Most Asian markets dropped more than 1 percent after Wall Street's "fear index" spiked on jitters over the U.S. presidential elections.
"Markets have been rankled by some polls putting Trump ahead of Clinton for the first time, given Trump's controversial policy platform of re-looking at trade deals and clamping down on immigration," Chang Wei Liang, FX strategist at Mizuho Bank, said in a Wednesday note.
Australia's ASX 200 closed down 1.16 percent, or 61.47 points, at 5,229 dragged by its energy subindex, which was down 1.81 percent, and its financials subindex, which fell 1.43 percent.
Japan's ended down 1.76 percent, or 308.07 points, at 17,134.68, likely due to the stronger yen which is seen as a safe haven currency. The yen strengthened against the greenback, fetching 103.86 a dollar as of 1:57 pm HK/SIN, compared to 104 levels seen on Tuesday.
In South Korea, the Kospi closed down 1.42 percent, or 28.45 points, at 1,978.94. Hong Kong's shed 1.44 percent as of 3:09 pm local time.
Mainland China's was down 0.62 percent, or 19.48 points, at 3,102.97, while the Shenzhen composite slipped 0.63 percent, or 13.06 points, at 2,060.05.
The closed down 0.58 percent at 18,037.1, the S&P 500 ended 0.68 percent lower at 2,111.72, and the composite closed down 0.69 percent at 5,153.58, after a choppy day in which better-than-expected earnings failed to cancel out worries about the U.S. election.
The CBOE Volatility Index (.VIX), called the "fear index" because it shows the market's expectations on volatility over a 30-day period, went above the key 20 point during U.S. trading, taking its rise to more than 40 percent over the past six days. It is the first time the VIX has risen for six straight days since the period just before the U.K.'s shock vote to leave the EU, and traders told CNBC the latest climb was due to the increased possibility of a Donald Trump presidency.
The VIX last traded at 18.56 as of 4:14 am HK/SIN time.
The Federal Reserve will finish its two-day meeting on Wednesday in the U.S. The central bank is considered very unlikely to hike at the meeting, according to the CNBC Fed Survey, which found that 100 percent of respondents did not expect a move, but 86 percent did forecast a quarter-point hike at the December 13-14 meeting.
Meanwhile, it's been a bruising few days for Trump rival Hillary Clinton, after the FBI said it was investigating new emails related to her controversial use of a private server while she served as secretary of state.
"Even if the Fed does signal an inclination to lift rates in December, markets will take the view that this is unlikely if a Trump victory leads to uncertainty and a surge in financial market volatility. This view was played out in markets last night with the U.S. dollar falling sharply and gold rallying," said Ric Spooner, chief market analyst at CMC Markets, in a Wednesday note.
traded at $1,293.02 per ounce, compared to last week's levels as low as $1,266.
In currency markets, the , which tracks the greenback against a basket of currencies, stood at 97.696 as of 3:12 pm HK/SIN, down from 98 levels on Tuesday.
The extended its fall against the dollar, fetching 19.308 per dollar as of 3:12 pm HK/SIN. The peso had sold off as much as 1.3 percent against the greenback to 19.1102 pesos on Tuesday.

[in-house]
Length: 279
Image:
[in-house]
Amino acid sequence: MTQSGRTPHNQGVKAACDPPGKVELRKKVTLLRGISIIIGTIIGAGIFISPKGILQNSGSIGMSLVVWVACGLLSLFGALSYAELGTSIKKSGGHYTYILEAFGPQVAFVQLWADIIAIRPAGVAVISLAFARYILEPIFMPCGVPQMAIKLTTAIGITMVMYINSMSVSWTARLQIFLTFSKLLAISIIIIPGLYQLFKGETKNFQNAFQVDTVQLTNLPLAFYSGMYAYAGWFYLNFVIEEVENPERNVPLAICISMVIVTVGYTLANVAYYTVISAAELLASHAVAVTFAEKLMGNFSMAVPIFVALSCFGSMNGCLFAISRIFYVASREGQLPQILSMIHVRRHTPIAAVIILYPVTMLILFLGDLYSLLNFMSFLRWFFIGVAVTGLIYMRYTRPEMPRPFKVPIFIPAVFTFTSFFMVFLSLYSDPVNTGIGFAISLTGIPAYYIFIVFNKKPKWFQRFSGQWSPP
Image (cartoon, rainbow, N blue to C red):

The weakened against the greenback to 1,148.45, a three-and-a-half month low. In October, the KRW/USD had depreciated as much as 3.5 percent.
"The woes surrounding labor strikes in Hyundai and Samsung's battery flame-outs were part of the domestic reasons that led to the underperformance versus the USD. Arguably, these issues may be partially reflected in the price, but we think that the room for more KRW weakness ahead has increased meaningfully." analysts at National Australia Bank said in a Tuesday note.
A Moody's Investors Service report on Wednesday warned that the three banks could see their profitability come under further pressure, as seen in their latest financial results. The ratings agency assigned a negative outlook to the banks' ratings in March.
"The Q3 results for DBS, OCBC and UOB show a further weakening in the banks' asset quality and profitability, because of the persistent challenges that they face in relation to their oil and gas exposures," said Eugene Tarzimanov, vice president and senior credit officer at Moody's Investor Service, in the note.
Australia's CSR jumped 8.61 percent to A$3.89 after it reported half-year revenue was up 8 percent to A$1.24 billion, and half-year net profit after tax rose 12 percent to A$103.1 million. The building materials company has risen more than 31 percent year-to-date.
Shares in Virgin Australia were down 4.17 percent at A$0.23per share, after the airline operator reported an underlying loss before tax of A$3.6 million.
Hong Kong-listed Standard Chartered dipped 6.45 percent to HK$63.05 a share, after it reported a 6 percent decline in income from the previous year on Tuesday. The bank also warned that it might have compliance and regulatory struggles ahead, confirming that Hong Kong's financial regulator planned to take action against it because of its role as a joint sponsor in an initial public offering in 2009.
Oil majors in the region were all lower, Australia's Santos was down 4.27 percent, Oil Search fell 1.35 percent and Woodside Petroleum dropped 1.07 percent, Japan's Inpex slipped 1.63 percent, while South Korea's S-Oil was up 1.23 percent, China's Shanghai Pechem was down 1.52 percent and Petrochina was down 0.82 percent.
The American Petroleum Institute (API) said crude inventory rose by 9.3 million barrels in the week to October 28. A Reuters poll had forecast stockpiles to rise by 1 million barrels. Traders will likely look to the Energy Information Administration's official inventory data, due for release later Wednesday, for further direction.